“We’re in compliance”: Reconciling teachers’ work as resistance to neoliberal policies

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Abstract

Neoliberal polices such as standardized testing, teacher evaluation, and student performance accountability serve as market pressures that dictate teachers’ work. In this paper, we employ critical policy analysis (CPA) and critical ethnography in order to bridge theory and method. Specifically, we apply de Certeau’s (1984) theory of consumption to examine the clandestine ways that teachers creatively resist the policies that constrain them. Our findings, which are presented in three vignettes, demonstrate the ways in which teachers tactically read policy and engage in passive compliance. We conclude by discussing how the qualities of our participants’ subtle acts of resistance blur the line between compliance and resistance, which has implications for the study of resistance to neoliberal policies.

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How to Cite
Duarte, B. J., & Brewer, C. A. (2022). “We’re in compliance”: Reconciling teachers’ work as resistance to neoliberal policies. Education Policy Analysis Archives, 30, (105). https://doi.org/10.14507/epaa.30.6173
Section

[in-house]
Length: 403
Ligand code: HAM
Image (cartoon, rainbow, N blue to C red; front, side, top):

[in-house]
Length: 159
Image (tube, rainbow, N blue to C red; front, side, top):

Teachers and Educational Policy: Markets, Populism, and Im/Possibilities for Resistance
Author Biographies

Bryan J. Duarte, Miami University

Bryan J. Duarte is an assistant professor of educational leadership at Miami University. Their research interests take a critical (and queer) policy analytical approach to examining the relationships between principals and teachers in historically underserved schools amid neoliberal school reform. Bryan is a former eighth- and ninth-grade history and English teacher of five years.

Curtis A. Brewer, The University of Texas at San Antonio

Curtis A. Brewer is an associate professor of educational leadership and policy at the University of Texas at San Antonio. He studies the principal’s role in leading change, the politics of educational inequality and critical policy analysis. Curtis is a former middle school history teacher.